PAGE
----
I very rarely wade into politcal talk online. Let's be real – our country is pretty evenly divided on every important issue. That means that half of those of you who read my blog are more conservative than I am and half of you are more liberal. I myself am very much a moderate on almost every issue that seems to divide our nation.
What moves me to write now is the shooting of Treyvon Martin, and more specifically, my recent stay in LA. If you read my blog, you know that Steve and I and Elanor and Lola spent 24 hours in LA between flights. We stayed at a hotel near LAX which was in walking distance to a Ralph's grocery store.
On Sunday morning I needed fresh air and wanted to walk to the store to get food for lunch. I was assured that it was safe so I walked the two blocks to Ralph's. Let me tell you that it was cold and windy! Not LA-like at all.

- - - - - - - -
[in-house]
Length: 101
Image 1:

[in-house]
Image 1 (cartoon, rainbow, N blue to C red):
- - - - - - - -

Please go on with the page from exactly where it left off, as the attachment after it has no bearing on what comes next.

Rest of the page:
It was early-ish on Sunday but there were still some folks on foot. The neighborhood seemed to have a mix of races and everyone was pretty focused on getting where they were going. Ralph's was nice and I enjoyed hearing the snippets of conversation as I was hunting gluten-free food for me and Elanor.
On the way back to the hotel, I was on the sidewalk walking well behind a black man. I'm 56 — he looked younger than me, but not by a lot. He was bigger than me and dressed informally, as was I. My hands were full. At this point I must add that I walk fast. I knew that I would overtake him before I got to the hotel.
I had time to think about what his reaction might be as he realized that I was coming up on him. I had time to realize that many white women in my position might have thought twice and slowed down. But I was not afraid because I honestly do not view males in general and black males in particular as a threat to me. We are all just people and most of us are nice and normal.
I did notice that he became more vigilant as I got closer. When we were even I said "hi", he said "how ya doing?" and I said I was cold! We lauged and both moved on. And ever since I've thought how sad it is that black men in particular have to be ever vigilant in ways that I as a white woman don't have to be.
If I was the parent of a black teenaged son I don't know how I would be, but I think I'd be more nervous than I was when my boys were younger. Our country should not be this way.